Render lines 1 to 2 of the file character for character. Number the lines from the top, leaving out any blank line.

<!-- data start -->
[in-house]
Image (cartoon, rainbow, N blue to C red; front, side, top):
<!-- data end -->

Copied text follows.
[in-house]
Image (cartoon, rainbow, N blue to C red; front, side, top):